Complex electronic circuits generally require that the circuit be constructed of several layers of conductors separated by insulating dielectric layers. The conductive layers are interconnected between levels by electrically conductive pathways, called vias, through a dielectric layer. Such a multilayer structure allows a circuit to be more compact.
The use of a ceramic green tape to make low temperature co-fired ceramic (LTCC) multilayer circuits was disclosed in U.S. Pat. No. 4,654,095 to Steinberg. The co-fired, free sintering process offered many advantages over previous technologies. However, shrinkage during the firing process was difficult to control when larger circuits were needed. A trend toward finer via diameters, pitch and lines and spaces continues to push the limit of free sintering LTCC technology.
An improved co-fired LTCC process was developed and is disclosed in U.S. Pat. No. 5,085,720 to Mikeska The process placed a ceramic-based release tape layer on the external surfaces of a green LTCC laminate assembly. The tape controlled shrinkage during the firing process. The process is a great improvement regarding the reproducibility of shrinkage during firing. It allowed the fired dimension of circuit features to be predictable.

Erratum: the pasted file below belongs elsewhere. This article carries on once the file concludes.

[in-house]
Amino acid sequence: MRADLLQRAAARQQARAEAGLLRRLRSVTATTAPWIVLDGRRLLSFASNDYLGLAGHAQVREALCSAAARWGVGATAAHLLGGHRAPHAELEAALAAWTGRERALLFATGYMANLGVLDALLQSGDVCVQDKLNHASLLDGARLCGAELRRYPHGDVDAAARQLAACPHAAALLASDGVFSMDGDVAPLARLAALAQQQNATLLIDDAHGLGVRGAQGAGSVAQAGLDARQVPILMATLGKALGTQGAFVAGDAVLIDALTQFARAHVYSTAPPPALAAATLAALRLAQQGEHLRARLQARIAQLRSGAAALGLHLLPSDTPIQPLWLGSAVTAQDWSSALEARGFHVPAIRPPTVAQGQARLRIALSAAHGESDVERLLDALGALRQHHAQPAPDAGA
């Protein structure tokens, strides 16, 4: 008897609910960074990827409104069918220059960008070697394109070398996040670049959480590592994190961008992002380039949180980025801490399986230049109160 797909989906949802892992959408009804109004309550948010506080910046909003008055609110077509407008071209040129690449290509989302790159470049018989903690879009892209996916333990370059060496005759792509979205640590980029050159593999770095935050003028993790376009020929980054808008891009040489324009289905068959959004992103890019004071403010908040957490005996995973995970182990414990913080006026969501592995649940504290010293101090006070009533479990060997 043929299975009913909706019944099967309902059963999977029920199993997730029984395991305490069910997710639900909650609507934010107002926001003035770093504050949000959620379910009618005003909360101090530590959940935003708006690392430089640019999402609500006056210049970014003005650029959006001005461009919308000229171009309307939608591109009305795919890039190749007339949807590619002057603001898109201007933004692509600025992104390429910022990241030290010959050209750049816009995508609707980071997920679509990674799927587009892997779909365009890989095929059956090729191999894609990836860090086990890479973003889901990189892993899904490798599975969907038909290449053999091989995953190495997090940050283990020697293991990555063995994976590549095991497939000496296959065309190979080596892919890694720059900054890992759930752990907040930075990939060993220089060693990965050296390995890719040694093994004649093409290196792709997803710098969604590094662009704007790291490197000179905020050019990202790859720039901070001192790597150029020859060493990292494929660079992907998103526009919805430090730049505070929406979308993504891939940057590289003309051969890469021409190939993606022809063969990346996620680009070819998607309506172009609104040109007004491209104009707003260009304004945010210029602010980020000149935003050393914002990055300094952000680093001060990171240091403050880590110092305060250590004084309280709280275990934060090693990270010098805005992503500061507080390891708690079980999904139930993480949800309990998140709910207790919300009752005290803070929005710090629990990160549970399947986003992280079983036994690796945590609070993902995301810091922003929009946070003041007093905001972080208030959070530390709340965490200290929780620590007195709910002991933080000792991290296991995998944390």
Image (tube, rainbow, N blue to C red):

U.S. Pat. No. 6,139,666 to Fasano et al. discloses a process where the edges of a multilayer ceramic are chamfered with a specific angle to correct edge distortion, due to imperfect shrinkage control exerted by an externally applied release tape during firing.
Another process for control of registration in an LTCC structure was disclosed in U.S. Pat. No. 6,205,032 to Shepherd. The process fires a core portion of a LTCC circuit incurring normal shrinkage and shrinkage variation of an unconstrained circuit. Subsequent layers are made to match the features of the pre-fired core, which then is used to constrain the sintering of the green layers laminated to the rigid pre-fired core. The planar shrinkage is controlled to the extent of 0.8–1.2%. The technique is limited to a few layers, before registration becomes unacceptable.
As disclosed in U.S. Pat. No. 5,085,720 during the firing step to form a refractory ceramic article, a constraining tape layer or layers on the surface of the article acts to pin and restrain possible shrinkage of the article in the x and y directions due to the refractory and rigid properties of the constraining tape. The un-sintered material in the constraining tape is then removed by brushing or other cleaning procedure. The constrained material may be composed of one or more layers of green tape, which sinter and densify to form a desired ceramic LTCC body.